Shopping can be an unpleasant experience: The hassle and haggle are not for the weak-minded, and of course be prepared for the jostle and chaos. But the most debilitating is the lack of a restroom after a long day of shopping, and that too when it is badly needed.
However come April, and if the South Delhi Municipal Corporation has its way, you could walk into the nearest restaurant in South Delhi and request to use its restroom — even if you’re not a customer — for a maximum fee of Rs 5.
This concept of pay-and-use toilets—both public and private— is not a new concept. There are many pay-and-use public facilities in our cities and towns, in railway stations and bus terminals, and it is a common facility across the West. Discussions and debates about whether restrooms should be free or not is an ongoing one, with even a public petition filed a few years back in the UK parliament to make access to all toilets free. Mobile applications like The Flush Toilet Finder or FreePee that help locate public toilets show the importance of the issue.
The significance of the SDMC’s decision is in the impact it can have on a number of issues.
One of the common grouses in almost any public space in India is the lack of restrooms that can be accessed by the public — especially for women. To understand the positive impact of this order, it is important to know the existing number of public toilets in South Delhi: The corporation has 580 public urinals and 480 toilets, of which only 140 can be used by women. With its order, the SDMC has made accessible, in one stroke, about 4,500 toilets to the public. This order could not have come a day sooner.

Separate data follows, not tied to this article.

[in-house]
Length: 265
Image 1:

This move by the SDMC, without doubt, is a shot in the arm for Prime Minister Narendra Modi’s Swachh Bharat initiative. In a crowded metropolitan city where space is a premium, the construction of so many toilets is not only a time-consuming endeavour but also a costly one. Moreover, ensuring that the newly-constructed toilets have proper drainage systems, when in most cities such systems are inadequate and dilapidated, is too ambitious at the moment.
Hopefully, the opening up of so many toilets could help in decreasing or eliminating altogether the unpleasant sight of men relieving themselves in the open spaces.
That said, the concerns raised by restaurant association should be taken into consideration. Accommodating their views would help in the successful implementation of this order. Increasing usage fees or incentivising restaurants to open their toilets to non-patrons will help in their maintenance. An ad hoc approach would mean that this positive move would fail if restaurants are not taken into confidence.
But for now, the SDMC must be lauded for this people-friendly order.